The “downsizing” of office staff will cause a ripple effect through to the smaller businesses that service them, from cleaning and maintenance, canteen services, delivery services\taxis, consultancy, and sub-contractors. And more importantly, do they need all the office space they have today?

And the shops? As more shopping is done on-line and less people physically visiting them, will the chains need to keep the number of shops they have in any specific area. The economic viability of each shop will be considered and there will be consolidation as they cut costs.

With new offices and malls coming onto the market, building work continues across Israel, and with businesses looking to reduce their space, the outlook for the commercial property market must be grim.

The housing market has kept up, and signs around the world have shown prices have not fallen. There are still buyers out there paying the price, but the government scheme with the banks, freezing mortgage and personal loan repayments, could be a ticking time bomb.

And then we will need to talk about bank stability.

This leaves us with two issues, getting the economy back working, and making the structural changes necessary for a sustainable economy under the “new normal”.

Getting Israel back to work – building the new normal

Large companies have continuity planning that enable them to carry on working and survive, however given the size of the SME market and its importance to the economy the SME needs to be able to work. Not just that, with people being forced onto the job market, it is the SME that can not only provide employment opportunities, but let people start their own new business.

It is clear that businesses must be allowed to operate and this is now going to happen. The ability to work, to earn a living, is critical not just for the economy but also for the well-being of the individual and their family.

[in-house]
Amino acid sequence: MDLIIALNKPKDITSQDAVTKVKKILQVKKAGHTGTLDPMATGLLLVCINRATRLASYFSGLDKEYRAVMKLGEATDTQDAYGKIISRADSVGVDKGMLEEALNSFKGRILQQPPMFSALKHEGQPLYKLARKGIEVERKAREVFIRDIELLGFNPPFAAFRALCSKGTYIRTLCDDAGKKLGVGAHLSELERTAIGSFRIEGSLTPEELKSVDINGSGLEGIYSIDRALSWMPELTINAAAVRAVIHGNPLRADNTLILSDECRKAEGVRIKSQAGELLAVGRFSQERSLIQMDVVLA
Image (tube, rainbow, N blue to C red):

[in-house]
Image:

We must also have the plan and process to prevent us from going back into another lockdown cycle.

The traffic light approach is similar to what other countries have implemented successfully. New Zealand has a 4 level system. Only in Level 4 – Lockdown are all but essential business closed, unless working at home is possible.  See

The major issue in Israel is its size and workers living in a red town but working outside of it, even essential workers such as supermarket and hospital staff. This is how the virus can spread out of the red area and flare up elsewhere. Lockdowns need to be lockdowns, properly controlled, specifically local ones, with all the logistical issues they will cause.

There should be no limits on who is tested. If we need to have people working, they also need to be tested periodically to ensure that they do not go to work with the virus. Limits on testing hides asymptomatic super spreaders from creating new breakouts of the virus.

Where people are unable to work, restrictions on specific activities, those living in red towns, those self-isolating or those classed as high-risk due to medical issues or age, the government must step in and provide financial assistance through Bituach Leumi.